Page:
All CRS reports have a unique identifier on their front page as well as the date it was issued. For example, a report could have unique ID RL1234 and have an issued day of May 1, 2012. If it is reissued, the unique ID stays the same, but it gets a new issued date of September 1, 2013. Alas, the reports are in PDF format, so it’s probably a non-trivial problem to show what text has changed. But using PDF-to-text, you can at least compare the output files to see whether there’s a trivial or significant difference.
So where you can find CRS reports? That’s another problem, but a large corpus is available at opencrs, which just happens to have an API. If you want to gather more, there’s other aggregators, or you could use this Google search ‘7-5700 “Congressional Research Service” filetype:pdf’.
I published this article in Slate earlier this week and have been floored by the response. I don’t mind when people disagree with me, but I was astonished at (1) how poorly people read and (2) how much their emotions rule their decision-making.
In the article, I argue that we should pay members of Congress more money so as to align their incentives with ours. This is fairly controversial. The responses, however, have largely fallen into these categories:
Except for the final two arguments, the first four merely vent rage. I wonder if the authors even got past the first paragraph, or even the title of the article? Probably not.
This expression of populist rage and false economy is counterproductive to the goals of the writers. They want Congress to be more responsive, or at least more responsible. They don’t see how low pay is connected to poor performance.
Unfortunately, it’s this kind of rage that leads Congress to do stupid things like cutting their own pay and decimating their staff. You can’t cut off oxygen to the brain and expect everything to work like normal.
The end of the Roman republic was marked when rich populists used their vast wealth to buy the sentiment of their fellow-citizens. I wonder if we’re heading towards our own rubicon.
In honor of Constitution Day, here’s an interactive 360 degree view of the U.S. Capitol’s Rotunda that I took earlier this year.
Olympics vs Mars
Last night, we attended a Board of Architectural Review hearing on the suitability of Alexandria School Board’s proposed architectural plans [large PDF] for the rebooted Jefferson-Houston Ele-middle school. While we do not oppose the construction of a new school, we think it’s important to mitigate the adverse effects on our neighborhood that the current plans would create, particularly as the building will be much larger, will draw more traffic and create more noise, and will be relocated right on top of West Street and thereby affect the look, light, and feel of the neighborhood.
The Parker-Gray Board of Architectural Review (aka BAR) voted 4-1 to defer a final decision on architectural style until September 12, but gave (tentative?) approval for the building’s massing and size. Read this Alexandria News article for more details, and see Alexandria Public School’s (i.e. ACPS’s) website here.
I am concerned that ACPS will not hold another community meeting prior to its re-submission of its plans to BAR; this omission is made more stark by the ongoing-meetings of the school official-centered Steering Committee during this hiatus. Considering that the last community meeting in June was intended only to inform the public, and not gather our feedback prior to the BAR submission, it seems that ACPS will hold these final negotiations with city staff closer to the vest. While the public meetings haven’t been as responsive to big picture concerns as I (and many others) would have hoped, the community still should be consulted before the school board makes a final submission to BAR.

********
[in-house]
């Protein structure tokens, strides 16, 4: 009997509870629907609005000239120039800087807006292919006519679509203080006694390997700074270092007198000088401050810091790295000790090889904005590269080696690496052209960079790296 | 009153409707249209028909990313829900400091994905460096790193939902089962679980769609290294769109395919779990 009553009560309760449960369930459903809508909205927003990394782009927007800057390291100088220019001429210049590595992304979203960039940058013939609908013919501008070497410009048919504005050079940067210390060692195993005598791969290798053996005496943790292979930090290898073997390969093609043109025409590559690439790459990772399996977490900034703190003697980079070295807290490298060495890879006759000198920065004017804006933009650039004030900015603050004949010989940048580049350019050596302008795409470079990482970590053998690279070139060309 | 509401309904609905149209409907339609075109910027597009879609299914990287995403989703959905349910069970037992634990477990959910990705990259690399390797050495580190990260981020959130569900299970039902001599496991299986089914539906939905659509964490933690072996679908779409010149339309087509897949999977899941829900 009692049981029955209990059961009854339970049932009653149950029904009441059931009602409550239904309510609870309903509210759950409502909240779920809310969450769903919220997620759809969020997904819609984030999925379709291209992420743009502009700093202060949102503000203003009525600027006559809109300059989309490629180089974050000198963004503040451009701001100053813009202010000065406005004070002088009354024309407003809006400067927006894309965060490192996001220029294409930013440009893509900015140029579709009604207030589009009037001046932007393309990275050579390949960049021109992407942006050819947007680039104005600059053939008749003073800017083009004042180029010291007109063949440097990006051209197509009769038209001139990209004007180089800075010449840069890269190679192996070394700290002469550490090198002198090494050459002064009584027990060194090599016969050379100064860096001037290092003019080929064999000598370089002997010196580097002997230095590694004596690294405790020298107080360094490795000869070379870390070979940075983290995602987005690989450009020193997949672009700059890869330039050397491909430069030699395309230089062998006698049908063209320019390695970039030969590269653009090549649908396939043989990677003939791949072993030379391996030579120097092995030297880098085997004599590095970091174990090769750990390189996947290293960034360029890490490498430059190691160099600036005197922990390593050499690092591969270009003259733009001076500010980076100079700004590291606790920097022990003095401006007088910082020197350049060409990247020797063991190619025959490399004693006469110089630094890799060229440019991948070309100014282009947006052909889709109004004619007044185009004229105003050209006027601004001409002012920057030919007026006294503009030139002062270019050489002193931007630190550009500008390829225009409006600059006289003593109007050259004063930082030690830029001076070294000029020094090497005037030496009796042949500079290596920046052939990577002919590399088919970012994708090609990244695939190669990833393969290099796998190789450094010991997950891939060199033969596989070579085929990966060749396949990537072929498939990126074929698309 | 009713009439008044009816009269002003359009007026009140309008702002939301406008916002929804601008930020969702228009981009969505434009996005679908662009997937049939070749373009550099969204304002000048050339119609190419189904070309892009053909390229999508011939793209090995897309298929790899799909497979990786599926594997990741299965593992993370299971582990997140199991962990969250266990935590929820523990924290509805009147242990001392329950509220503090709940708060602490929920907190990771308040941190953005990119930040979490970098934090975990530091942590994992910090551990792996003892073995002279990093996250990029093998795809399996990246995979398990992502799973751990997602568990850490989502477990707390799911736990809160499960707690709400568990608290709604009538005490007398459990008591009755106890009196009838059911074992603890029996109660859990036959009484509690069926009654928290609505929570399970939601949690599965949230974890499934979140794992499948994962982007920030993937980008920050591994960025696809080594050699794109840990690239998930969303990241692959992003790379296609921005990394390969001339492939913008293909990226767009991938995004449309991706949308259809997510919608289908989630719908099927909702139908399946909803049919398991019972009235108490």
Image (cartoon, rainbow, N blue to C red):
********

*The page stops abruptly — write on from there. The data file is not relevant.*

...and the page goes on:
The following is video of my (short) statement to BAR. Two members of BAR made much more eloquent statements than I did as they cast their votes, and it’s worth your while to watch them in the second video below. (The whole hearing can be watched here.)
Statements of Philip Moffat and Robert Duffy
My work requires me to advocate for legal and political information to be released by the government in easily reusable formats, such as those that can be digested by computers. While we all benefit from “machine readable” data, most of us rely on programmers to get the most out of this information.
This is only natural. Lawyers are conduits for the law, doctors are conduits for medicine, architects are conduits for buildings, and programmers are conduits for datasets.
While I’ve had some success in getting others to build tools for me, it’s time to become more savvy. In the time after I tried to learn C and C++ in the late 1990s, computer languages have changed a lot. My colleagues have suggested Python as a flexible, intuitive, and reasonably friendly computer language, so I’m going to give it a shot.
Google’s python learning module was unfriendly and difficult to follow, but I’m having success with this Hello World book, which is mercifully geared towards an intelligent 8-year-old. Most importantly, it comes with an installer that sets everything up — incredibly helpful when you’re starting from scratch.
My goals are pretty modest:
(1) Take draft legislation released as a PDF from the House and transform it into a clean document that can be compared to others. (This will require use of a PDF-to-text program to transform the document into a .txt file, regex to clean up the text and remove common formatting crapola, and MS Word to compare the document to different versions of the same legislation to identify changes.)
(2) Get a value for two documents (e.g. CRS Reports) to indicate what percentage of the document is new information and what percentage is old. In essence, this will be a way of assigning “freshness” ratings to CRS reports. (This will again require PDF-to-text program, the ability to identify time and report numbers, and to run a basic diff.)
Of course, there’s more clever things I’d like to do, but that’s probably beyond where my time and abilities will allow me to reach. Regardless, I hope to get better insights on how the technology side works, and there’s no better way than to get my hands dirty.
Brilliant way to find art in DC — and not just the usual suspects.